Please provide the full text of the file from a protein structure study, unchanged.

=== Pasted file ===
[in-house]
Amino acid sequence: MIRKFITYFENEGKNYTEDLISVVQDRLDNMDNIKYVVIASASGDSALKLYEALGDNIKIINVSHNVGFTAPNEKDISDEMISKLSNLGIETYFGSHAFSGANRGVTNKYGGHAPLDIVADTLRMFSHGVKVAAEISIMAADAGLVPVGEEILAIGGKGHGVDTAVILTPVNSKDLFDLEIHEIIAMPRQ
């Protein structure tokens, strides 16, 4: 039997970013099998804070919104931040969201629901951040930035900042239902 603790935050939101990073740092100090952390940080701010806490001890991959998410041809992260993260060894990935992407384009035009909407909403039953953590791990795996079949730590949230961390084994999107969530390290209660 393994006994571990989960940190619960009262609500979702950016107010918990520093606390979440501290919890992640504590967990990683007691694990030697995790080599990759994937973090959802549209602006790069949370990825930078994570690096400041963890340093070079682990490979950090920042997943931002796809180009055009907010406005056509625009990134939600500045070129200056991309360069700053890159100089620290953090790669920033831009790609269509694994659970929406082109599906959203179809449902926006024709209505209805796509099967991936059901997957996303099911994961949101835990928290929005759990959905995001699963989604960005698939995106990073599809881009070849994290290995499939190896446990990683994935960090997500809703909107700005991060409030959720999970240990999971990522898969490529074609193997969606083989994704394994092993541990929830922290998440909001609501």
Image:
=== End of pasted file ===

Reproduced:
[in-house]
Amino acid sequence: MIRKFITYFENEGKNYTEDLISVVQDRLDNMDNIKYVVIASASGDSALKLYEALGDNIKIINVSHNVGFTAPNEKDISDEMISKLSNLGIETYFGSHAFSGANRGVTNKYGGHAPLDIVADTLRMFSHGVKVAAEISIMAADAGLVPVGEEILAIGGKGHGVDTAVILTPVNSKDLFDLEIHEIIAMPRQ
């Protein structure tokens, strides 16, 4: 039997970013099998804070919104931040969201629901951040930035900042239902 603790935050939101990073740092100090952390940080701010806490001890991959998410041809992260993260060894990935992407384009035009909407909403039953953590791990795996079949730590949230961390084994999107969530390290209660 393994006994571990989960940190619960009262609500979702950016107010918990520093606390979440501290919890992640504590967990990683007691694990030697995790080599990759994937973090959802549209602006790069949370990825930078994570690096400041963890340093070079682990490979950090920042997943931002796809180009055009907010406005056509625009990134939600500045070129200056991309360069700053890159100089620290953090790669920033831009790609269509694994659970929406082109599906959203179809449902926006024709209505209805796509099967991936059901997957996303099911994961949101835990928290929005759990959905995001699963989604960005698939995106990073599809881009070849994290290995499939190896446990990683994935960090997500809703909107700005991060409030959720999970240990999971990522898969490529074609193997969606083989994704394994092993541990929830922290998440909001609501």
Image: